Again I hear the clamour of the establishment deriding my views and suggesting,none too politely, that the rules are clear and if I don't like them I should go elsewhere. However, baptism and faith are not so easily abandoned and certainly cannot be taken away. Ultimately someone needs to stay and agitate for change from the inside. Some people are called to be such a voice and that this calling is no less valid than any other calling within the Church.
Real beacons of light…
When you take the time to look around, there are many hopeful signs,real beacons of light in the darkness of current practice. Of greatest hope perhaps is that Catholics, both laity and clergy and religious are starting to be heard in a variety of ways. Voices crying out from within the establishment can be seen in the secular press, on the internet and in other media. Admittedly these cries are few and far between, but they are there for all to see and can become the catalyst that will encourage and embolden others to follow suit.
Writers from both within and outside the mainstream church are also being given much needed airtime. Two very inspiring books I have read recently are Michael Morwood's "From Sand to Solid Ground" and Michael Kelly's "Seduced by Grace".Both these writers challenge and inspire, while raising perennial issues that are still yet to be really acknowledged and taken up by our church leaders. These writers do not present extremist views, intent on destroying the church, but both present extremely well written and cogent attempts to awaken the Catholic Church to a new understanding of issues that are relevant to large groups of believers and are critical to the development of a truly inclusive and vibrant church. A church that discusses rather than dictates, embraces rather than excludes and listens, really listens with an open and compassionate heart.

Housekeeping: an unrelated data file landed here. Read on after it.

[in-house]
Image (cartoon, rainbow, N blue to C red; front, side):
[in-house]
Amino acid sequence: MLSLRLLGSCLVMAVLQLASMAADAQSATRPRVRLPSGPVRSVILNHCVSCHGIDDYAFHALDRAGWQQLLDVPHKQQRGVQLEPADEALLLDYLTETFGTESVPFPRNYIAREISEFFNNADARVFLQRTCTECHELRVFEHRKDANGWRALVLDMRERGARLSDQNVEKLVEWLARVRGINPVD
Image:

For me however the greatest beacon of hope and delight are those voices now being raised from the pews. A powerful example is my 80 year old mother and a few of her friends who regularly meet and discuss issues of concern.They keep up with what's happening, read up on all the issues and then discuss and act on what their consciences advise. Unfortunately for my mother, she does feel a bit guilty, disagreeing with the church she has devoted her life to. However as a spiritually adult Catholic she feels she has been called to speak, even if the hierarchy do not listen to her voice. But, please do not get her started on World Youth Day!!
So there is hope, for there are things happening out there, both within the clergy and in the pews. No doubt it will be a slow and painful change,yet I believe that it is inevitable that the voices of all the faithful,whether in agreement with the hierarchy or not, will continue to seek to be heard. Hopefully, the unfettered spirit of the universal Catholic Church will be allowed take the church forward, rather the backwards.
IMAGESOURCE: The hand and heart image used to help illustrate thisarticle come from stock.xchng– Photographer: Pablo Duarte, Lençóis Paulista, SP,Brazil.
What are your thoughts on Kerry's commentary?